2010

1. You can transport small trees or shrubbery with ease.

Why I Need a Vespa Ape

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Sunday, November 14, 2010

 
The Madonna di San Luca sits outside the city of Bologna on Monte della Guardia. The church houses an image of the Madonna and Child attributed to St. Luke with miraculous powers which have made it a significant pilgrimage site. The church is joined to the city by an arcade composed of 666 arches stretching from the city gate out of the city, over the road and up the mountain. The arcade provides shelter for pilgrims and protection for the relic on its annual procession down into Bologna. The reasoning behind the peculiar number of arches is said to be an attempt protect the relic on its journey by beating the Devil at his own game. The arcade, gate and church were all designed by Carlo Francesco Dotti and built between 1674 and 1793. Sections of the arcade between the city gate and the pilgrim bridge now support five story buildings along what one hundred years ago would have been farmland, and since the builders seemed to have been more concerned with quantity than quality some of the arches list at disturbing angles. The walk to the top is quite a hike especially since each arch is numbered, reminding you how few arches you have passed.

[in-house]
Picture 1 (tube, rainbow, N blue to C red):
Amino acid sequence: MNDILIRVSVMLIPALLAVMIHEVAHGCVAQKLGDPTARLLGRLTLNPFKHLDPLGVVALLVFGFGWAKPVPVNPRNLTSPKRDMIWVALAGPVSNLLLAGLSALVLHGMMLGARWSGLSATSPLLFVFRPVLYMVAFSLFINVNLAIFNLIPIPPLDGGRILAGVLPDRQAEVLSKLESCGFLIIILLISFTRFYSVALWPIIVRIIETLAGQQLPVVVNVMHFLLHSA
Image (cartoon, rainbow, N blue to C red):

The beginning of the Portico di San Luca leading out of the city
The gate of the city facing the arcade

 The arcade stretching out to the fantastic gate and bridge over the road
 The gate from the inside
 View of the gate from the countryside. The pilgrim route climbs up a set of stairs, over the road and around the curve of the left wing of the gate and then up the mountain
The arcade stretching up the steep mountain
 Looking back down the arcade
 
The central portico of the church
The altar
The Madonna of St. Luke
An aerial view of the church and arcade
A great gypsy manouche band (Tolga During) performing  in Piazza Maggiore in front of the cathedral


 Looking down from the Silver Age to the Golden Age of human Invention
 The famous Water Chain

 The table of water in the Silver Age
 The back door of the right pavilion


Looking down the Via Barozzi to the old borgo of Bagnaia

Chancel arch, Palladio's Santissimo Redentore, Venice.

Il Redentore

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Monday, November 8, 2010

Process drawings for a palazzo and piazza in front of S. Giovanni dei Fiorentini, Rome.
 
A plan and panoramic view showing the existing conditions and the views down Via Paula (to the Ponte S. Angelo) and the Via del Consulato (to Sansovino's Zecca) from left to right.
The piano nobile and piazza with S. Giovanni's facade plan
Main facade
Longitudinal section
S. Giovanni's Facade

Built in 1637 by the Bolognese architect Antonio Paolucci, detto Levanti, the theater is constructed of fir and was designed to provide a space for the study of the anatomy of the human body. A cello-shaped marble slab in the center of the room would have supported the specimen, while benches rising in three rows around the room allowed medical students to view the procedure.